A recent case in the TCC found that a contractor’s percentage assessment of the overheads on a project could not then be applied to their damages claim and recovered as an additional loss. The contractor needed to show constraint – that it had been prevented from earning a contribution to its overheads; otherwise the overheads would have been incurred in any event.

The recent case of Fluor v ZPMC concerned a contractor’s entitlement to claim overhead costs following its sub-contractor’s breach of contract. The contractor was Fluor, which had been engaged by Greater Gabbard Offshore Winds Limited (“GGOWL”) to design and construct the foundations and infrastructure to support 140 wind turbine generators to be installed in the North Sea. Each foundation consisted of a monopile (“MP”), which was to be driven approximately 32m into the seabed. At the top of each MP sat the transition piece (“TP”). The TP provided the connection between the MP and the structure above.

Fluor engaged ZPMC, a steel fabricator based in Shanghai, to fabricate the MPs and the TPs. Cracks were found in the welds and GGOWL ordered the steel contained in all three shipments to be tested and any repairs carried out. Fluor alleged that it suffered approximately $400M loss as a result of the defective welding caused by ZPMC.

Claim for overheads

In separate hearings, the court considered that ZPMC was in breach of contract due to the cracking in the welding and found it liable to pay substantial damages to Fluor. One matter which was held over was Fluor’s claim for overheads costs. Fluor was unable to claim overheads as a consequence of the delay caused by ZPMC’s breach of contract, as there was an agreement in place that no delay claim would be advanced. Therefore, in taking a different approach, Fluor claimed an additional 4% of the damages awarded by the court as overhead costs, which it calculated as:

  • Total overall cost of the project - £374.735M. This was 57% of Fluor’s overall turnover for the year.
  • Total overheads for the year - £22M, 57% of which is £12.645M.
  • Fluor assessment of the overheads was therefore 4% (£12.645M, as a percentage of £374.735M).

Fluor’s justification for its claim was that direct costs are not incurred in a vacuum at no cost to itself, overhead costs are also incurred. Fluor considered that applying 4% of its direct costs was reflective of its overheads, based on the above calculation.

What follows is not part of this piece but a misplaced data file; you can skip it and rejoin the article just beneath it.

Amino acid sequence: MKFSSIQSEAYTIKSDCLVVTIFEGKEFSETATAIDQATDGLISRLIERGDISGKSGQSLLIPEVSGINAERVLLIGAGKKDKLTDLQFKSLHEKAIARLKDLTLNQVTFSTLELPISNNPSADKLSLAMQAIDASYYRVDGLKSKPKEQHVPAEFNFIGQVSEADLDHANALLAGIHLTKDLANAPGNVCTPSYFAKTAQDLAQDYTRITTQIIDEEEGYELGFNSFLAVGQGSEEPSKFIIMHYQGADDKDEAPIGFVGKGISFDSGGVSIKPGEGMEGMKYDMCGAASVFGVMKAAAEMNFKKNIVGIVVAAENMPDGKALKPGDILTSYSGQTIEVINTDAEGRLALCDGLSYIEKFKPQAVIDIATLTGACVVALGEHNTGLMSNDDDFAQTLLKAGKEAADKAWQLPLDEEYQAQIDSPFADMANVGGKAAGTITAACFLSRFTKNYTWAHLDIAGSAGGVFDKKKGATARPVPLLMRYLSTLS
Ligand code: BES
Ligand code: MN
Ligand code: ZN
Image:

ZPMC submitted that Fluor’s assessment was not competent as it had failed to show that, had it not been for the breach of contract, its resources would have been otherwise profitably employed on other work and making a contribution to Fluor’s overheads. Otherwise, the overheads would have been incurred in any event.

The Court’s decision

The court agreed with ZPMC and found that this form of assessment provided no basis for a claim in respect of overheads. The figure of 4% failed to set out the extent to which overheads were incurred due to ZPMC’s breach of contract. The court also considered a further situation where a contractor could claim a contribution to overheads, which is where its overheads have ‘thickened’ or increased due to a breach of contract. This could be where senior members of management may be diverted to deal with the consequences of the breach and new employees brought in to cover their workload.

Key points:

  • This case reiterates the difficulty that contractors face in claiming overheads and the evidential burden with such claims.
  • If intending to claim for overheads, it is important for contractors to be able to demonstrate and prove the losses suffered. This would include such things as vouching of the losses; evidence that overall turnover decreased; that work was turned away; that there was no increase in turnover; that resources are fully stretched so that work could not be taken on; and no change in market.